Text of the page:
Emen is a village in Veliko Tarnovo Municipality, Veliko Tarnovo Province, Bulgaria, famous for the nearby caves and canyon. In recent years it has become a major tourist destination, receiving both domestic and foreign visitors. Emen's population is about 100 people, but it triples during the summer.
The Emen cave bears evidence of human habitation, dated to the Neolith. Later, Romans settled in the area and built an outpost on Kaleto hill on the verge of the present-day village. Fortifications included a rock wall from two sides, while the other two sides were naturally protected by the vertical walls of the Emen canyon. Nowadays, parts of the wall are preserved, but treasure-hunter raids have reduced archaeological evidence.
The present-day name of the village is said to derive from the times of the Ottoman rule over Bulgaria. Emen was the name of the Turk who owned all the land and Christian people of the village. With the Liberation of Bulgaria he was most likely expelled from the country, but the village kept its name. Today, a single Turkish family lives in Emen, but it bears no relation to the previous landowner.
Geography and natural sights
Emen is located in Veliko Tarnovo Province, about 20 km away from capital of the province. The river Negovanka, a tributary to Rositsa flows right through the village, through the Emen Canyon and ends up in the Mihaltsi dam situated about 5 km north of the village. The name of the river comes from Latin and means short river with a near source. In Palaeolithic times, the river carved a gorge (or canyon), which bears the name of the village. The Emen Canyon consists of two parts, called Goren (Upper) and Dolen (Lower) Boaz. The Upper Boaz stretches through 5 km from the nearby village of Novo Selo to Emen, itself. The Lower part of the canyon begins in the north part of Emen and eventually opens up after the Mihaltsi dam.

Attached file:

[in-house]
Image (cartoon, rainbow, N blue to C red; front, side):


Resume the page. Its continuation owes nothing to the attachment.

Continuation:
The Emen Canyon was declared a Natural Monument in 1980. As a result, some human activities like lumbering and driving motor vehicles are prohibited on the 25.5 hectare area of the Natural Monument. It partially overlaps with another Natural Monument - the Momin Skok one, which encompasses a small area around the waterfall of the same name.
One of the first eco paths in Bulgaria passes through the Emen Gorge on its way to the Momin Skok Waterfall. The Emen cave is located at the very beginning of the eco path. With its length of 3,113 meters, it is the 17th longest cave in Bulgaria. This has made it suitable for all kinds of human activities during the years. It has consecutively been used to grow mushrooms and mature cheese. In Communist times it even became an arms depot of a military base located immediately above it. Currently, human presence in the cave is, at least officially, restricted to allow for bats to breed uninterrupted. Bat species inhabiting the cave include: greater horseshoe bat, Blasius's horseshoe bat, Mediterranean horseshoe bat, common bent-wing bat, greater and lesser mouse-eared bat.
Speleologists from Ruse have discovered a large cave system in the vicinity of the village during expeditions between 1986 and 1991. The caves Ruse (3,306 metres long), Troana (3,234 m) and Bambalova Dupka (2,923 m) are all located in the Lower Boaz.
References and notes
- Population table of Bulgaria as of 2008
- Pre-historic settlements in Bulgaria (in Bulgarian)
- The name derives from the Turkish word for a passage (pass).
- Emen Canyon's entry in the Register of Protected Areas in Bulgaria
- Momin Skok's entry in the Register of Protected Areas in Bulgaria
- 2010 Bat Monitoring Report by the National Museum of Natural History bg icon